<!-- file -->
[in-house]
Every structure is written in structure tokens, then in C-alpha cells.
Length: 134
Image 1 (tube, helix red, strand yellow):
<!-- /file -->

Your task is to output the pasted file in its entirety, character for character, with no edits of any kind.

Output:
[in-house]
Every structure is written in structure tokens, then in C-alpha cells.
Length: 134
Image 1 (tube, helix red, strand yellow):